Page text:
All the main players are articulate and engaging in their reminiscences: Allan Clarke, Graham Nash, Tony Hicks and Bobby Elliot. Clarke and Nash explain the origins of those early songs, and some of the live black and white footage of playing these is both excellent in its visual quality but also the artistry of The Hollies as a band. I was particularly impressed with the musicianship of Hicks and Elliot, and their take on production and production decisions - especially as the technology of this changed over those early recording years, for all bands - was fascinating.

Watching this also urged me to get the vinyl out, and although I don't have original copies of their earliest albums, I do have their 1968 EMI Hollies' Greatest, and listening to those hits with the stories behind each still fresh in the mind [e.g. the New York nightclub belly dancer prompting the band to write Stop Stop Stop in their taxi ride afterwards] was a lot of fun.

Wednesday, 30 December 2015

Some Awe's Best of 2015 - Additionals

And there must be others [and I know the list was long enough already, but if there is good music.....]

Larry Campbell & Teresa Williams - Larry Campbell & Teresa Williams
Jimmy Lafave – The Night Tribe
Van Morrison - Duets Re-Working the Catalogue
Public Image Ltd. - What the World Needs Now..

Tuesday, 29 December 2015

The Art of Motörhead

Motorhead - (We Are) The Road Crew lyrics [list poem]

One of their best musically, and perhaps the 'best' lyrically - it is a list poem after all:

(We Are) The Road Crew

Another town another place,
Another girl, another face,
Another truce, another race,
I'm eating junk, feeling bad,
Another night, I'm going mad,
My woman's leaving, I feel sad,
But I just love the life I lead,
Another beer is what I need,
Another gig my ears bleed,
We Are The Road Crew

Another town I've left behind,
Another drink completely blind,
Another hotel I can't find,
Another backstage pass for you,
Another tube of super glue,
Another border to get through,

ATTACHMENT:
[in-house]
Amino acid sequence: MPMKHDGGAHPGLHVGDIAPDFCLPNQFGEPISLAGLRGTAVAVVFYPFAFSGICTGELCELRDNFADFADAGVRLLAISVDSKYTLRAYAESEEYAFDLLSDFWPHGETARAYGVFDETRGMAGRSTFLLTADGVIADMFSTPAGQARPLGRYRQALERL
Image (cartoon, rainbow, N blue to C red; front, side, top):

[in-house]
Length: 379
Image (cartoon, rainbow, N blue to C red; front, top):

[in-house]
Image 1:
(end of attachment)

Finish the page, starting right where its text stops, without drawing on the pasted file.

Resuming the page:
I'm driving like a maniac,
Driving my way to hell and back,
Another room a case to pack,
We Are The Road Crew

Another hotel we can burn,
Another screw, another turn,
Another Europe map to learn,
Another truckstop on the way,
Another game I learn to play,
Another word I learn to say,
Another bloody customs post,
Another fucking foreign coast,
Another set of scars to boast,
We Are The Road Crew

Hawkwind - Silver Machine, Lemmy on lead vocal

1972 - not the very beginning, but the big beginning

Motörhead - Thunder and Lightning: Lemmy 24.12.45 - 28.12.15

Lemmy heading the band as ever in 2015. Gone now but never faded away.

Sunday, 27 December 2015

Mississippi Bones - Mississippi Bones, album review

Christmas Rouse

I needed a post-Christmas aural assault to shake up the senses after all those fulsome, wholesome festive tunes and meals – no complaining – and have turned to the ever-reliable Mississippi Bones to pound in some welcome late-night rousing. This is their 2010 debut, and it presents the brash template from which this and the subsequent metal mastery continues to be forged. I’ll refer you to previous reviews here, not to make it easy but to encourage a wider reading and emphasise my sustained liking for their bone-shaking musical diatribe. Check out their web site here too. I don’t want to write any more – I just want to rumble.